“The chief aim of Interpretation is not instruction, but provocation.” – Freeman Tilden
How did Mount Rainier come to be? How did the rocks get here? Why are there ridges in seemingly random areas?
These are some questions a park ranger seeks to answer, without listing off hard facts. My job this summer as a park interpreter is to be an artist and an educator. There’s a certain finesse required to inspire a sense of wonder and awe among park visitors, to instill stewardship among visitors to uphold the National Park Service’s mission:
“The National Park Service preserves unimpaired the natural and cultural resources and values of the National Park System for the enjoyment, education, and inspiration of this and future generations.”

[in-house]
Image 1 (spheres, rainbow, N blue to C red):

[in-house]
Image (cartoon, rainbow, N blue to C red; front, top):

After two weeks of training, I will develop my own programs to present to the public. As a geology major, these programs will be centered on the geology of Mount Rainier and designed to compel park visitors to the history of the region. I aim to capture the young spirit within all of us. I aim to have visitors leaving with more than knowledge, but an experience that will further reach those they come in contact with.
Wherever you may be, I hope my message, and the message of the National Park Service, spreads to you like wildfire. Mount Rainier is a beautiful sight, but it’s origins are even more rich and beautiful.